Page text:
Additional Book Information

Series: NYRB Classics
ISBN: 9781681371290
Pages: 584
Publication Date: February 20, 2018

Memoirs from Beyond the Grave1768–1800

by François-René de Chateaubriand, translated from the French by Alex Andriesse, introduction by Anka Muhlstein

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Written over the course of four decades, François-René de Chateaubriand’s epic autobiography has drawn the admiration of Baudelaire, Flaubert, Proust, Barthes, and Sebald.

Alex Andriesse's English translation of Chateaubriand's Memoirs from Beyond the Grave is a new and complete dazzling rendering of the first twelve books of this monumental, legendary, and utterly engrossing masterpiece, taking the author from his lonely childhood in Brittany through the French Revolution and exile in America to the rise of Napoleon.

Here, Chateaubriand looks back on the already bygone world of his youth. He recounts the history of his aristocratic family and the first rumblings of the French Revolution. He recalls playing games on the beaches of Saint-Malo, wandering in the woods near his father’s castle in Combourg, hunting with King Louis XVI at Versailles, witnessing the first heads carried on pikes through the streets of Paris, meeting with George Washington in Philadelphia, and falling hopelessly in love with a young woman named Charlotte in the small Suffolk town of Bungay. The volume ends with Chateaubriand’s return to France after seven years of exile in England.

In this new edition Chateaubriand emerges as a writer of great wit and clarity, a self-deprecating egotist whose meditations on the meaning of history, memory, and morality are leavened with a mixture of high whimsy and memorable gloom.


What distinguishes [Memoirs from Beyond the Grave] less its historical overview of the turbulence that preceded Napoleon’s rise to power than Chateaubriand’s examination of his own character and feelings amid multiple setbacks. Indeed, it is the lyricism and intimacy of his language, convincingly translated here by Alex Andriesse, that made Chateaubriand a precursor of French Romanticism.
—Alan Riding, The New York Times Book Review

Alex Andriesse's fine unabridged translation—which deftly wrangles Chateaubriand’s personal canon of Greek and Latin classics, Breton proverbs, Jewish scripture, Catholic hymns and medieval laid—is the first into English in more than a century. What…does Chateaubriand have to offer the contemporary reader? Beyond the sumptuous language and aphoristic compression, it is his ability to engage with, and even surmount, contradiction that proves most resonant. His elastic prose…leaps easily between burnished romanticism and more classical forms…It makes for immensely satisfying reading.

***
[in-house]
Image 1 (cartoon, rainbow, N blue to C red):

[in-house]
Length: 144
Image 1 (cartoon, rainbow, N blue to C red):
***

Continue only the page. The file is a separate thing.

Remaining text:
—Dustin Illingworth, TLS

Alex Andriesse has done a wonderful job suggesting the range of tone and feeling Chateaubriand offers, he shifts from the ecstatic to the dry, from the descriptive to the cryptic...The echoes of Chateaubriand in so much existentialist literature of the 20th century suggest that for all his difficulty finding congenial company among his contemporaries, in a longer perspective he becomes a figure we can all be intimate with.
—Tim Parks, London Review of Books

This memoir, ably translated by Andriesse with an introduction from historian Anka Muhlstein, reveals to English-speaking readers the famously aphoristic and flamboyant style that other French writers, including Baudelaire and Proust, admired and sought to emulate.
Publishers Weekly

The best autobiography ever written...The old viscount could write one hell of a sentence. It’s an incredible book.
—Paul Auster, The Book of Illusions

Chateaubriand’s Memoirs...are his Arc de Triomphe, and may yet prove more lasting than their equivalent in stone.
—Adam Kirsch

To read Chateaubriand is to witness the subjective and yet comprehensive unfolding of a society’s change: of customs, prospects, ethics, conventions. He stands (as in the famous portrait by Girodet) on the farther shore.
—Alberto Manguel

The Memoirs from Beyond the Grave [...] encapsulate and bring to perfect mastery all the linguistic registers that their author had by turns attempted: epic, tragic, elegiac, lyric, oratorical, narrative, descriptive—like an evening rainbow over a Venetian lagoon.
—Marc Fumaroli

A Romantic classic.
—BBC News, Paris